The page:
CKS Clinical solutions - Morton's neuroma

THE CASE: A 49-year-old woman complains that when she walks she experiences sharp pain in her foot and a sensation of having a pebble under the metatarsal region. The pain is relieved by taking off her shoes and massaging her toes. You suspect she has a Morton's neuroma.

Diagnose from clinical findings (Photograph: SPL)
Diagnose from clinical findings (Photograph: SPL)

What is Morton's neuroma?
Morton's neuroma is a benign fibrotic thickening of a plantar interdigital nerve that is a response to irritation.

What might I find on examination?
Pain is elicited when pressure is applied to the inter-metatarsophalangeal space.

There could possibly be loss of sensation to the affected toes (a strong indicator of Morton's neuroma).

The presence of Mulder's click also indicates Morton's neuroma, but its absence does not rule it out.

Mulder's click

  • Try to grip the neuroma between your forefinger and thumb (with your thumb on the plantar aspect of the foot).
  • With your other hand, simultaneously squeeze the metatarsal heads (one to five) together in the transverse plane.
  • A click can be felt and heard as the enlarged nerve subluxes between the metatarsal heads as they are compressed.
  • What investigations may be helpful?

Morton's neuroma can often be diagnosed from clinical findings and investigations are generally unnecessary.

Consider arranging an X-ray to exclude fracture or arthropathy and checking FBC, ESR and uric acid to exclude osteomyelitis, inflammatory arthritis and gout. An ultrasound scan or MRI can confirm the diagnosis.

What treatment should I recommend?
Advise your patient to avoid high heels and shoes with a constricting toe box or thin soles.

Advise her to use a metatarsal pad placed just proximal to the area of tenderness. If used incorrectly, metatarsal pads will have no effect and may make the condition worse.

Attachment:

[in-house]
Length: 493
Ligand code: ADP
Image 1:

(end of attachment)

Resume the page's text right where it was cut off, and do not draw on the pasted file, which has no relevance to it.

When should I refer?
If symptoms persist despite three months of footwear modification and using metatarsal pads, refer to an orthotist for a metatarsal dome orthotic.

If a metatarsal dome orthotic is not available or is not successful after two to three months, refer directly to a radiologist offering perineural ultrasound-guided injection of corticosteroid and local anaesthetic (if available), a podiatric surgeon, or an orthopaedic surgeon with a special interest in the foot.

The evidence
Most recommendations for the diagnosis and management of Morton's neuroma are based on expert opinion from CKS reviewers and review articles.1-3 Limited evidence from two small case series4,5 suggests that about a third of people were satisfied with the use of the footwear modification and metatarsal pads alone.

References
1. Baquie P, Quigley N, Baquie L.Persistent foot pain. Aust Fam Physician 2009; 38(9): 670-6.

2. Coughlin MJ, Common causes of pain in the fore foot in adults. J Bone Joint Surg Br 2000; 82(6): 781-90.

3. Nunan PJ, Giesy BD. Management of Morton's neuroma in athletes. Clin Podiatr Med Surg 1997; 14(3): 489-501.

4. Bennett GL, Graham CE, Mauldin DM. Morton's interdigital neuroma: a comprehensive treatment protocol. Foot Ankle Int 1995; 16(12): 760-3.

5. Saygi B, Yildirim Y, Saygi EK et al. Morton neuroma: comparative results of two conservative methods. Foot Ankle Int 2005; 26(7): 556-9.

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